Nectaroscordum siculum

One of my favourite plants, Nectaroscordum siculum is now well up in my garden. The distinctive onion smell of its bruised leaves betray its allegiance to the onions.

The pendulous flowers of Nectaroscordum siculum are subtly coloured

It’s a quiet plant, with a cluster of bell-shaped flowers that hang down from the upright stems in summer. Dull cream, tinted with red and green, they are hardly showy but for that very reason blend well with nearly all other plants. Interestingly, when the flowers fade, the stems turn upwards as the seedheads develop. The BBC website recommends growing in gravel, but it also does well on steeply sloping banks at Lamport Hall, competing well the grass and cow parsley. It also copes well with light shade.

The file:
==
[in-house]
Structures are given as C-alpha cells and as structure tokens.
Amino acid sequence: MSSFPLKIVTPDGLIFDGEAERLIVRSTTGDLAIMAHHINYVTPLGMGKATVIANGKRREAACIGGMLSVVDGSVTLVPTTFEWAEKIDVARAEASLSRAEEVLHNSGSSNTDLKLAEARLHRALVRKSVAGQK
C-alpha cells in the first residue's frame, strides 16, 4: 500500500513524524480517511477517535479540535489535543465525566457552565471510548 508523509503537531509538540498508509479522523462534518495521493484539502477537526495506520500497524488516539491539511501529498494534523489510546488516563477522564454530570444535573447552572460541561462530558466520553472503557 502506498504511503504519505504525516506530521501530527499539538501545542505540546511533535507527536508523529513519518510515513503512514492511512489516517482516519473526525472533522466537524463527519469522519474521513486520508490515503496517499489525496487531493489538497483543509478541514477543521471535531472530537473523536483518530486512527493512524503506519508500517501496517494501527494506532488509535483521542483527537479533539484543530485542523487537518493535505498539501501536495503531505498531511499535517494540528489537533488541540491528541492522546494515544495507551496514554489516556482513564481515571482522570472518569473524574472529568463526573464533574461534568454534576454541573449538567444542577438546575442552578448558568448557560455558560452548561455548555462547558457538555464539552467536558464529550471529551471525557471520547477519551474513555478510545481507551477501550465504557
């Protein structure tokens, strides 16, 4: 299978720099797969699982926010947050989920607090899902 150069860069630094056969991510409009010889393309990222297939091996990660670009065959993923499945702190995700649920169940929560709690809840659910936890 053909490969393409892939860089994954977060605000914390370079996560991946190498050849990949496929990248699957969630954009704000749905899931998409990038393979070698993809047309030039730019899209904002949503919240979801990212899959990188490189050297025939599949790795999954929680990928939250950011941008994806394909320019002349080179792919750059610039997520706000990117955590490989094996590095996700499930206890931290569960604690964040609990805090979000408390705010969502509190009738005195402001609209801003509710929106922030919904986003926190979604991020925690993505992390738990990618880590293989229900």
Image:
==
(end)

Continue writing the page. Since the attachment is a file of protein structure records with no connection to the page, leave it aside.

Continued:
Like many bulbs, it’s a native of Turkey, south-east Europe and Ukraine. It’s also extremely easy to grow from seed (or simply allow it to seed itself).

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One Response to “Nectaroscordum siculum”

  1. | tom pearce - the blog Says:

    […] tidier. As gardeners with strimmers are wont to do, I managed to decimate the emerging flowers of Nectaroscordum Siculum – and probably the large part of the foliage too. The unopened blooms in amongst tall grasses […]

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